Dennis Jones has provided a quality blues album with “Both Sides of the Track,” which does indeed, move from the heavy side to the smoother, more traditional side of the genre.
With the heavier material on the album, like the opening “Enjoy the Ride,” “It All Depends ” “The Machine,” “Nobody’s Slave,” and “I Can’t Stop,” Jones is strongly reminiscent of Jimi Hendrix vocally, and that is never a bad thing. “Enjoy the Ride” also has a searing sax solo by Jimmy Z Zavala to liven it up even more. On “The Machine,” the musicians all give the song an Experience-type vocal too. Prepare to have your mind blown. “Nobody’s Slave, ” with its ripping guitar solos, has that same highly effective sing-song rhyme pattern that Hendrix took from the early blues masters and has passed along to Jones and others.
The other side of the track comes in with “Better Than Him,” a much more traditional blues that shows that Jones can easily handle this style, too. “Mr Right” is more traditional blues, too, even though it still offers that screaming guitar Jones does so very well. “Number Two” is a lighter, jazzy shuffle. “Skin and Bone” is a darker rock ballad while “When You’re Not Around” is a yearning contemporary blues ballad greatly enhanced by the Hammond B3 work by Teddy ZigZag.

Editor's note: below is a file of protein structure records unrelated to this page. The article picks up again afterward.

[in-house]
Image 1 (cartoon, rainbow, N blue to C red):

To me, “What” is mostly notable for the awesome harp work punctuating the vocals. “Shines on You” is a contemporary blues-rock number, a style that suits Jones extremely well, as they all appear to do.
The album has been fairly serious all the way through, and then you come to the end and “Lonely Joint,” which is narrated by a joint that fell out of someone’s pocket. It’s light and fun and provides a cute ending for this versatile album that you will enjoy on any side of any track.